A power of attorney is a legal document that permits an agent or attorney-in-fact to make financial and legal decisions on your behalf, if you are unable to do so. There are financial powers of attorney and medical powers of attorney.
WTOP’s recent article “How to Set Up a Power of Attorney” says that the rules for designating power of attorney vary from state to state. Because of this, you should speak to an experienced estate planning attorney about your state’s laws.
Power of attorney is revocable. Therefore, if you’re mentally competent and believe you can no longer count on the person you designated as your agent, you can update your documents and select another person.
The individual you choose as your attorney-in-fact will depend to a large extent on the type of power you’re granting — whether it’s general or limited — and your relationship. For general power of attorney, people often go with their spouses or sometimes their children. However, you can choose anyone, as long as it’s someone you trust.
In many cases, designating general power of attorney is a component of a larger estate plan, so when you talk to your estate planning lawyer about your estate plan, you can add this to the conversation.
You may want to have your attorney draft a limited or special power of attorney. This lets your agent complete restricted transactions, like selling a piece of property. It’s limited in scope. In contrast, a general power of attorney lets your agent do about anything you could do. A general power of attorney is usually part of an estate plan, in the event you’re unable to handle your own financial matters as you age or become incapacitated.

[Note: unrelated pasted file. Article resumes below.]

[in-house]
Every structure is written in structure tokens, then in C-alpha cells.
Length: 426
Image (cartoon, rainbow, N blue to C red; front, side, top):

A springing power of attorney goes into effect in a predetermined situation, and it will specify the circumstances under which the power takes effect. An immediately effective or non-springing power of attorney is in place once the paperwork is signed.
Powers of attorney typically end when the principal is unable to make decisions on his or her own. However, for some, becoming incapacitated is just the type of circumstances when they want someone they trust to have power of attorney.
A durable power of attorney continues after the individual is incapacitated. Therefore, if you’re unable to make financial or medical decisions on your own after an accident or illness, the POA will remain in effect.
You are generally also able to name a medical power of attorney. That’s a person who knows your wishes and can make health care decisions for you as a proxy. It’s also known as a health care proxy. If you can’t make decisions on your own, the health care proxy kicks in. Your health care proxy should know your wishes, as far as how you’d like doctors to treat you, if you can’t make decisions on your own. This may also accompany a living will, which expresses your wishes on continuing life support, if you’re terminally ill or being kept alive by machines.
Reference: WTOP (May 21, 2020) “How to Set Up a Power of Attorney”